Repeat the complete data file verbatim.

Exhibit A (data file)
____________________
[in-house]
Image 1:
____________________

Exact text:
[in-house]
Image 1: